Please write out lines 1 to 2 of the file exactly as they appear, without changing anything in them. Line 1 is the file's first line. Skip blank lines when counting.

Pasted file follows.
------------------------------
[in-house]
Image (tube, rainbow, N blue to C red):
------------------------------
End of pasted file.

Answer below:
[in-house]
Image (tube, rainbow, N blue to C red):